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Contact Author The age in which Milton was born and wrote his poem is popularly known as the Puritan age. But the genius of Milton was so individualistic, and he dominated the age from so great an altitude, that he cannot be said to be merged in his age.
Though he identified with Puritanism, he cannot be said to be pinned to it. Spencer had attempted this superficially, writing moral and religious legends beneath the pictures which he painted like a great sensual artist, but his juxtaposition of the two elements did but make their incompatibility more glaring.
Milton was the first to conceive, from the outset of his career, a work which combined the perfection of ancient art and the intimate moral order of the Bible.
He had experienced with his heart the conflict of the opposing forces—Paganism and Christianity, nature and religion—and he composed the differences in his own way. The proportion in which the two elements are present in his works varies with his years, but from the beginning his powerful will mingles with them harmoniously.
No other English poet was at once so profoundly religious and so much an artist. The Faerie Queen holds up moral and religious truths in vague allegorical manner while the spirit of mediaeval romance shines out in all its glory in that long poem.
Into the framework of his romance, Sydney pours his own thought on morality and politics and on life as he has observed it. The two elements of morality and free romantic creation hardly blend well.
So also in his sonnet sequence, Astrophel and Stella, he beautifully sets forth the struggle between honour and passion. But it is the romantic passion that dominates and the spirit of moral outlook—a serious idealization of life—seems to stand apart.
Not so in Milton, in Paradise Lost, the two elements mingle together in such a manner that they cannot be separated. The reawakening was due to the study of the ancient classics of Greece and Rome, which, after the fall of Constantinople before the Turks inwere brought to Italy by the classical scholars who found asylum there.
The movement familiarised the people of Western Europe with the art and literature of ancient Greece and Rome and they fell to their study with an avidity almost unprecedented.
The result was a great liberation of the spirit. Thought was liberated and broadened so that it broke through the framework of mediaeval scholasticism. Destiny and morals ceased to be matters of dogma and began to be questioned.
Rebellion against spiritual authority which was excited by the Reformation became part of the Renaissance spirit too. Men looked with new wonder at the heaven and the earth as they were revealed to their gaze by the discoveries of the astronomers and navigators.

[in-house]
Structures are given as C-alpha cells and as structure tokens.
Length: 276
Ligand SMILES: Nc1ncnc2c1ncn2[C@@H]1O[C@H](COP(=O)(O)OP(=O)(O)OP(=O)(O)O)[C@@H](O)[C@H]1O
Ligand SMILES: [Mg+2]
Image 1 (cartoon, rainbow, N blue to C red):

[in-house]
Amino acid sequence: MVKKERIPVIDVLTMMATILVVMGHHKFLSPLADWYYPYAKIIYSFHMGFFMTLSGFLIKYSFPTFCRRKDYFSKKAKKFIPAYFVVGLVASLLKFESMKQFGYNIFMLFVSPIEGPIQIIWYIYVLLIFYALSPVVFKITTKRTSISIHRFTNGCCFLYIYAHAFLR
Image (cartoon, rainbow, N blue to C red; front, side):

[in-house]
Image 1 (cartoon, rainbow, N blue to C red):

Lastly, superior beauty was perceived in the literature of Greece and Rome recently recovered. The whole of Western Europe was astir with this new spirit of the Renaissance. In England, it had its full flowering in the astonishing literature of the Elizabethan age and produce Spencer, Marlowe and Shakespeare.
Love of beauty, of classical art and its deep humanism, freedom of imagination and thought, sense of wonder—all of these were the features of his genius. Though Lycidas marks a reaction against it and shows a preference for the Puritan ideal of life, the poem shows Milton has not wholly discarded the glowing Renaissance spirit.
In Paradise Lost, Paradise Regained and Samson Agonistes, the subject matters of which are derived from the Bible, classical ideas and imagery, classical turns of thought and expression—the finer spirit and essence of classical literature are woven into their very texture.
Milton was a child of the Renaissance, wholly steeped in its spirit. · Renaissance literature refers to European literature which was influenced by the intellectual and cultural tendencies associated with the Renaissance.
The literature of the Renaissance was written within the general movement of the Renaissance which arose in 14th-century Italy and continued until the 16th century while being diffused into the rest of the western tranceformingnlp.com://tranceformingnlp.com 3: Similarities and Difference between the Italian Renaissance and Elizabethan England 4: Similarities Italy was the birthplace of the Renaissance because of thriving cities, a wealthy merchant class, and the classical heritage of Greece and tranceformingnlp.com://tranceformingnlp.com The structure of the conjurations follows traditional form, including an invocation or call, a charge or command to the spirit, and a licence for the spirit to tranceformingnlp.com://tranceformingnlp.com Introduction.
Elizabethan Period is generally regarded as the greatest in the history of English Literature. Historically, we note in this age, the tremendous impetus received from the Renaissance from the Reformation & from the exploration of the new world.
It was marked by a strong national spirit, by patriotism, by religious tolerance, by social content, by intellectual progress & by tranceformingnlp.com Elizabethan PoetryElizabethan Poetry Before and during the Elizabethan Age,Before and during the Elizabethan Age, medieval tradition blended withmedieval tradition blended with Renaissance spirit of optimism andRenaissance spirit of optimism and tranceformingnlp.comm.
The two poets who introduced noveltiesThe two poets who introduced novelties into tranceformingnlp.com The Spirit of Shakespeare and the Elizabethan Times. During the reign of Queen Elizabeth I, English civilization was at its greatest.
England during the Elizabethan Age saw a metempsychosis of literature, in big portion because of William tranceformingnlp.com://tranceformingnlp.com